The 7th Annual Joint University of Liverpool Management School and Keele University Institute for Public Policy and Management Symposium on Current Developments in Ethnographic Research in the Social and Management Sciences
In association with the Journal of Organizational Ethnography and the Journal Ethnography
Ethnographic Horizons in Times of Turbulence
University of Liverpool Management School Liverpool, United Kingdom
29th – 31st August 2012
Dr. Matthew Brannan, Keele University Institute for Public Policy and Management
Dr. Jason Ferdinand, University of Liverpool Management School
Dr. Manuela Nocker, University of Essex Business School
Dr. Geoff Pearson, University of Liverpool Management School
Dr. Mike Rowe, University of Liverpool Management School
Dr. Frank Worthington, University of Liverpool Management School
Call for Papers
The annual Liverpool and Keele Ethnography Symposium is a leading international forum for debate and dialogue on the theory, practice and form of ethnographic work in the social and management fields. Provoked by debate and discussion during our 2011 symposium at Cardiff Business School, we are now making the call for papers for the 7th Symposium to be held back at the University of Liverpool, where the idea for this event was born. The title of this year’s symposium is Ethnographic Horizons in Times of Turbulence and we are inviting papers from all disciplines that put forward ethnographic work and arguments.
As Geertz tells us, ethnographic research must be invariably microscopic if we are to provide a rich and thick account of organizations, cultures and sub-cultures. However, we should not forget the wider social, historical, legal, political and economic environment in which the actors operate and as we enter 2012, we are part of a world in a state of political and economic upheaval. This year’s symposium therefore encourages papers that engage with the wider context.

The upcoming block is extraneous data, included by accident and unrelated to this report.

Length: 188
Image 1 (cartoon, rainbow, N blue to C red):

We are also inviting papers that focus on the general themes of turbulence, change, and shifting horizons within organizations, communities and social groups as well as individual lives. The impact of rapid technological change, wide-spread deregulation, globalization and intensified competition induce us to adopt new organizational forms and modes of coordination locally and across the globe. The effects of unprecedented interdependence can be felt in very different spheres from business, to work, to our private lives.
Papers might therefore focus on ethnographies of lived experience during crisis and transition, providing a view of coping strategies. They might engage with action in volatile and temporary environments, the challenges of ethics and morality at the personal and organizational level. They might address the increasing pressures to adopt quick solutions; the impact and cost of short-term orientations and the perceived lack of vision. They might stress the adaptation to ways of being and working under conditions of fear, loss, marginalization, and rampant exploitation as well as political and financial instability in a globalised world. They might analyze the multiplication of social movements and activism, and different forms of organized resistance in an attempt to change (or defend) the status quo and give voice to different stakeholders. They might engage with the difficulty for individual human beings of experiencing a surge of acceleration of processes while yearning for a slower pace of life and work.
We welcome papers contributing to ethnography theoretically, empirically or methodologically within the broad scope of these themes. We seek to encourage a diverse range of submissions, across disciplines, and welcome work-in-progress from emerging scholars.
Abstracts (up to 750-words), should be submitted to Geoff Pearson (firstname.lastname@example.org) by Friday 10th February 2012. Abstracts should be submitted in .pdf format and include author, contact and institutional affiliation details. Decisions on acceptance of papers will be given by email, subject to external refereeing by the 29th of February 2012.
We ask that delegates submit full papers prior to the conference no later than Friday 27th July 2012. Delegates also have the option to include their work on the conference website (http://www.liv.ac.uk/ethnography/). However, this is not compulsory and submission should indicate if you do not wish your paper to be included in the website.
Best Paper Award
This year the symposium will be running a 'best paper' award co-sponsored by Emerald Group Publishing Limited. This award will be made at the symposium and chosen based on the submission of full papers.